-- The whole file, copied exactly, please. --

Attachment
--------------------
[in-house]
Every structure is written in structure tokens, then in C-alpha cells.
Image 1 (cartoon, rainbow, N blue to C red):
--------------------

[in-house]
Every structure is written in structure tokens, then in C-alpha cells.
Image 1 (cartoon, rainbow, N blue to C red):